It’s the Friday before the start of a new semester and for many of my students, their final semester before they go out into the field. This has me thinking about what I would like them to know before they graduate, and I’ve come up with these five things.
- Your education does not end here; learning is a lifelong journey. Keep reading articles, blogs, journals and books, attend workshops, keep reflecting, keep an open dialogue with former classmates and co-workers and continue to build your Personal Learning Network. Keep building relationships with the children in your care, because they can teach us just as we teach them- learn from the children.
- Team work is key. You will have a partner or two, who will have their own beliefs about children, their own educational and experiential background and their own opinions and ideas. It is important that you communicate with each other and work together, sharing your own ideas and keeping an open mind about theirs. It isn’t always easy to work so closely with someone, but if you keep an open mind and engage in ongoing dialogue it will be an enriching experience.
- Money isn’t everything. This is a field where money is a hot button issue and all too often I see students planning their future employment based on which centres pay more. Now, I won’t disagree that money is important, but don’t let that rule your career. Sometimes making a little bit less money, but working at a centre where the staff and the centre’s philosophy matches your own, where you enjoy working, is preferable to working somewhere that causes you stress or makes you unhappy.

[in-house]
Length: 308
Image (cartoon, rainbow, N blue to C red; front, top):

- Find your passion. If you are getting ready to graduate or have recently entered the field and this isn’t something that you love to do, then don’t. You have other options, don’t feel like you are “stuck” in this field forever. It may just mean you need to find another centre or another area of the field to work in, or it may mean a complete career shift. It’s okay to take another path.
- And last – Don’t forget to play! It’s easy to get caught up in the paperwork and the tidying and all the other busy work that we get called to do, but never forget that your job is to build relationships and to be a play partner. It’s okay to sit on the floor and play, it’s okay to have fun. It will invigorate you and inspire you, but most importantly it will make you a better Early Childhood Educator.
What advice would you give an ECE who’s just starting out?
Photo by familymwr on Flickr
early childhood education, graduation